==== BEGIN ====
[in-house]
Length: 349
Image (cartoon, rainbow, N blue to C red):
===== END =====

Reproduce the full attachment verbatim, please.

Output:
[in-house]
Length: 349
Image (cartoon, rainbow, N blue to C red):